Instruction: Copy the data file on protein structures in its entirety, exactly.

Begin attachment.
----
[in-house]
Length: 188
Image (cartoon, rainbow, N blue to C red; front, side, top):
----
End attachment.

[in-house]
Length: 188
Image (cartoon, rainbow, N blue to C red; front, side, top):